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Old 02-04-2014, 10:57 AM   #8 (permalink)
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They are level 3 and on the avalanche crew, one at breck(a route leader) and one at vail. Forgot to mention we get to stand by as they throw ordinance for avy mitigation, bombs are cool, especially when it's tossed by a cutie....

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Old 02-04-2014, 11:06 AM   #9 (permalink)
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Quote:
Originally Posted by wrathfuldeity View Post
Around here, there are very few folks under 18-20 doing bc...unless having been raised on the hill and are starting to go with bc savvy parents. And I think its a good thing. But a lot of folks at 20+ have the gear and hopefully have taken the class or are planning to....and most have gone out with their buds...that hopefully have had avy classes...but that is questionable. When I took my avy class last winter it was really stressed...this is the beginning...start by going out with known folks that have had a lot of experience and learn from them. But its knowledge and lots EXPERIENCE...and each local has its own particular dragons.

I agree and I go along or take him new places but he is way above my riding level/desire, I go around stuff and show him dangers and signs to look for that we have both read about and been shown. He is young and this is part of mtn life, if he is with 2-3 others and even one of them sees a sign that the others missed then it could save them all. I won't back away from a chance taken to get some others educated. Even 20-30 is young, they have a whole life and family ahead of them. I will also be doing the courses with them.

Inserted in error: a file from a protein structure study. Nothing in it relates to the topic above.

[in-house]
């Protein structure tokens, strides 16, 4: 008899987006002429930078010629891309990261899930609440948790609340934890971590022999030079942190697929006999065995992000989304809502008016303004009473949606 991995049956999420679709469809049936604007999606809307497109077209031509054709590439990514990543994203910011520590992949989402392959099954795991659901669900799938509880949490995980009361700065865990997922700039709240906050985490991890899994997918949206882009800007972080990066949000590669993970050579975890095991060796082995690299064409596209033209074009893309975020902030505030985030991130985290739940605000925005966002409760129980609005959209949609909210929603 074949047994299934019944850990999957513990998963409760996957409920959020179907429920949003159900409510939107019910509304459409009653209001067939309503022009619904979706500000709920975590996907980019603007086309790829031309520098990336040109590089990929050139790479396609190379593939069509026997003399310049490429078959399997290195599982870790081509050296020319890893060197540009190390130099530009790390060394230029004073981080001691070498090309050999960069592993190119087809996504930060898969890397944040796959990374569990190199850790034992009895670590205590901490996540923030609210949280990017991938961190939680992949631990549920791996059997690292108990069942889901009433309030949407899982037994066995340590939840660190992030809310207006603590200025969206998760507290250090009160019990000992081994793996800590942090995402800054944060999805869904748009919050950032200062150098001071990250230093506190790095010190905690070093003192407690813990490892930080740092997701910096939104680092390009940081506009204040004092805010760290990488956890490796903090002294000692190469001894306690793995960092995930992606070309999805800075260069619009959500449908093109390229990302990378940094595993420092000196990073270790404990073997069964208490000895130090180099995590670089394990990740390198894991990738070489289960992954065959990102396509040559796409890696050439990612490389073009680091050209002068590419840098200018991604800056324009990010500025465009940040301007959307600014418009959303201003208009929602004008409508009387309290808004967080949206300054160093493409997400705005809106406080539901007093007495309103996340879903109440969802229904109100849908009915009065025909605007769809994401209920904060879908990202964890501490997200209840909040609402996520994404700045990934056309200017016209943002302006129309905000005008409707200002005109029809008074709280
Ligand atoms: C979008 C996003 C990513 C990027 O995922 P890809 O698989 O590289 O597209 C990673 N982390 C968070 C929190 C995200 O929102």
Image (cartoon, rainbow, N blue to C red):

No chance or opportunity is perfect or fool proof but at least we will be making some effort to help. There are a lot more people going into the back country and the more we can do to educate the more likely we are to at least keep the deaths per year as low as they currently are and not rise with back country use rates rising.

Thanks killz for your. Support and feedback. Appreciate your feedback also wrath.
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Old 02-04-2014, 11:11 AM   #10 (permalink)
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Wrath, your points are dead on. Probably the most dangerous person out there is your newly minted L1 graduate. A lot of knowledge, no experience. It takes time for sure. The experience part happens quickly enough. I am still learning, always will be. You still got to take those first steps.

Local knowledge of your haunts is an awesome tool. I am much more comfortable at Bert than say if I was visiting East Vail. A spot I have looked at but have not traveled in. My choices back there would be very limited in comparison to someone who has traveled the area for years and knows the hazards. It is just the way it is.